kthreadd (1558445) writes "The Debian project has released version 7.0 (codename "Wheezy") of their popular free software distribution. A major new feature in this release is multi-arch support, simplifying installation of packages for different architectures on the same system. The installation system has also seen a lot of improvements; it now allows Debian to be installed using software speech. It also supports installation on UEFI for the AMD64 architecture, although not yet with "Secure Boot." The Linux kernel has been upgraded to version 3.2 and the FreeBSD kernel is available in both version 8.3 and 9.0. Most packages has also been updated to newer versions."
Link to Original Source

+ - Debian 7.0 "Wheezy" released->

Submitted by Anonymous Coward
An anonymous reader writes "After many months of constant development, the Debian project is proud to present its new stable version 7.0 (code name "Wheezy").
This new version of Debian includes various interesting features such as multiarch support, several specific tools to deploy private clouds, an improved installer, and a complete set of multimedia codecs and front-ends which remove the need for third-party repositories."

Link to Original Source

Comment: LFS (Score 4, Interesting) 185

by owlman17 (#42359857) Attached to: Learn Linux the Hard Way

Linux From Scratch boosted my Linux knowledge about a hundredfold. I cut my teeth on a modified LFS 5.1. Following the instructions, while tedious, was doable and straightforward. What made it more difficult for me was that my host distro was a bit too old for the then-current LFS (5.1). With a slow and expensive internet connection, downloading an entire distro was out of the question. Downloaded the official tarballs, mixed and matched on my Celeron 366, and I eventually got it up and running.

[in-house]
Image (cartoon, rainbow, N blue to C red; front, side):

Comment: Vilcabamba (Score 1) 1365

by owlman17 (#40915381) Attached to: Ask Slashdot: What's the Most Depressing Sci-fi You've Ever Read?

Vilcabamba by Harry Turtledove.

It's a short, good read. Made me think for days. It's analogous to the Europeans finishing the conquest over South American Indians.

"The story is set sometime in the 21st century, 50 years after an alien race called the Krolp conquered and occupied much of planet Earth. The story is told from the perspective of President of the United States, Harris Moffatt III, who rules a rump United States and Canada that runs along the Rocky Mountains. Moffat's father and grandfather were also presidents."

The online text is here.

Comment: Re:Wizard's Crown (Score 1) 350

by owlman17 (#39334313) Attached to: Computer Games That Defined RPGs In the 1980s

Wow, you too? I read somewhere that Eternal Dagger had an IBM PC port, though I've never really seen one. I loved the combat system, but I didn't like the quick combat option, especially for high-level encounters. I remember encounters dragging on and on as they got tougher. Would love to see a remake/clone of WC.

Below the Root was awesome! The graphics weren't that good even by that era's standards, but I breathed and lived it, even dreamed about it. No other game had quite captured my imagination like it after that.

They are relatively good but absolutely terrible. -- Alan Kay, commenting on Apollos